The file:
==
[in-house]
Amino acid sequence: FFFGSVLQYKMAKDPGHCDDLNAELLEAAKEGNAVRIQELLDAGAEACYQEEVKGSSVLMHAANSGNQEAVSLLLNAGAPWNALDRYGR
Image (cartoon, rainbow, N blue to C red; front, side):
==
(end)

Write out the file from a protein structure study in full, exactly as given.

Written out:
[in-house]
Amino acid sequence: FFFGSVLQYKMAKDPGHCDDLNAELLEAAKEGNAVRIQELLDAGAEACYQEEVKGSSVLMHAANSGNQEAVSLLLNAGAPWNALDRYGR
Image (cartoon, rainbow, N blue to C red; front, side):